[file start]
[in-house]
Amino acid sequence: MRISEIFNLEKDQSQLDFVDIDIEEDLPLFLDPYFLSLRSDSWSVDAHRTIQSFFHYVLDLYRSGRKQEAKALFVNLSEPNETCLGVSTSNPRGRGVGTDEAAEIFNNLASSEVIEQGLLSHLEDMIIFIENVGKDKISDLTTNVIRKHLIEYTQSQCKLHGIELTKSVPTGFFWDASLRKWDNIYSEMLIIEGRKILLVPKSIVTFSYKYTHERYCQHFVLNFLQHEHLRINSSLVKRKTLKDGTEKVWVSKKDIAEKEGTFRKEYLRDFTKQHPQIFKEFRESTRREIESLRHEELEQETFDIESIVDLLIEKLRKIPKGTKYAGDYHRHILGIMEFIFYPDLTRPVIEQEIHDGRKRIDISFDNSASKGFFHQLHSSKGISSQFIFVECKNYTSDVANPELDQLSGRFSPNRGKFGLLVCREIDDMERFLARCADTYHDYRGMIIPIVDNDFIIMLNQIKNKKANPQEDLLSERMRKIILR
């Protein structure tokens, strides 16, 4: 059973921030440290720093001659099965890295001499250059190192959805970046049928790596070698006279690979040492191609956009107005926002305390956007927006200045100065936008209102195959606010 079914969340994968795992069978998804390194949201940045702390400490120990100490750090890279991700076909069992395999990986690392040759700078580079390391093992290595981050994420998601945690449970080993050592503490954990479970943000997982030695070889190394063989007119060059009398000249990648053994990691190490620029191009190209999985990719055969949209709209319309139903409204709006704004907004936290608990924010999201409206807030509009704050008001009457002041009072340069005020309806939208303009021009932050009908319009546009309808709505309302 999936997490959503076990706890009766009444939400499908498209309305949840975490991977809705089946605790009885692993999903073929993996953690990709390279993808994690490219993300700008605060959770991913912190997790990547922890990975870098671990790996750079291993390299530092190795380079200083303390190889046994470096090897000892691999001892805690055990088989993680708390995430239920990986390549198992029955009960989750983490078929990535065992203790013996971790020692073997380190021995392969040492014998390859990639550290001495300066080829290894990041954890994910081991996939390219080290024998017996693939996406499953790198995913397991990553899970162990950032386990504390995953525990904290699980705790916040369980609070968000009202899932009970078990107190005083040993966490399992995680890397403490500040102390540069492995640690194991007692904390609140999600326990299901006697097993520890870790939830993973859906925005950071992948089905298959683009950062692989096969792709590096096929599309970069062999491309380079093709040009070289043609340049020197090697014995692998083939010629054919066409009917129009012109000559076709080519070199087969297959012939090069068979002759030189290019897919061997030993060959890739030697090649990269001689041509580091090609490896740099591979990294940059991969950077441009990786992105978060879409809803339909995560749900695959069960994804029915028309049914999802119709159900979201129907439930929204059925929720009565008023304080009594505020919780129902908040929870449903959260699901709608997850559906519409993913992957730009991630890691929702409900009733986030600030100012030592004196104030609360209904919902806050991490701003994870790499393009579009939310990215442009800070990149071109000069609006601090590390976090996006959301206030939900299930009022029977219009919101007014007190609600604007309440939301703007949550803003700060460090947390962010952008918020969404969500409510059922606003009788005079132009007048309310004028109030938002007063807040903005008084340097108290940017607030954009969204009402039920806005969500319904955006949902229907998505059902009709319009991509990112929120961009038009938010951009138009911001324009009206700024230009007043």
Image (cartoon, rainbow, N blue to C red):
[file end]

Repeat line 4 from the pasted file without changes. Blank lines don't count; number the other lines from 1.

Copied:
Image (cartoon, rainbow, N blue to C red):